Posted: April 26, 2013
By Todd Beamon
“Last night, we were informed by the FBI that the surviving attacker revealed that New York City was next on their list of targets,” Mayor Michael Bloomberg said at an afternoon news conference.
Bloomberg was referring to Dzhokhar Tsarnaev, 19, who was captured on Friday in suburban Watertown, Mass., after an intense manhunt by authorities. His brother, Tamerlan, 26, was killed in a fierce overnight shootout with police earlier on Friday.
“He told the FBI apparently that he and his brother intended to drive to New York and detonate additional explosives in Times Square,” Bloomberg added. “They had built these additional explosives — and we know that they had the capacity to carry out the attacks.”
April 18, 2013
The FBI is now sharing the photos with the public but the New York Post ran several photos that they linked to the investigation Thursday.
In the photos being distributed by law-enforcement officials, one of the men is carrying a blue duffel bag. The other is wearing a black backpack in the first photo, taken at 10:53 a.m., but it is not visible in the second, taken at 12:30 p.m, the Post reported.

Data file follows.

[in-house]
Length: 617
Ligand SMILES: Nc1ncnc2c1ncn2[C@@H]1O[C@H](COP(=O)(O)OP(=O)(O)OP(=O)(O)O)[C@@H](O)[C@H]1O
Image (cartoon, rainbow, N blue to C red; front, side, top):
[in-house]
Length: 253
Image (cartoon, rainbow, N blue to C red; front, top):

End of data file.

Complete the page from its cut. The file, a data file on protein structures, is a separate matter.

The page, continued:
“The attached photos are being circulated in an attempt to identify the individuals highlighted therein,” said an e-mail obtained by The Post. “Feel free to pass this around to any of your fellow agents elsewhere.”
Authorities know the names of the two men, but do not have enough evidence to make an arrest for Monday’s attack, which killed three and wounded 176, sources told the Post.
Fox said a reporter for the network had seen the photos and called them “clear.”
By: John Hayward
4/17/2013 01:07 PM
Yesterday the Senate mail facility discovered a letter addressed to Republican Senator Roger Wicker of Mississippi that was laced with a suspicious white powder. Preliminary tests somewhat inconclusively suggested the powder included ricin, a toxic substance made from castor beans. According to the Centers for Disease Control, ricin can cause injury or death in very small amounts, through either inhalation, ingestion, or skin contact. This makes it an attractive chemical-biological warfare option for the evil scumbag on a budget.
By Adam Housley
Posted: July 29, 2011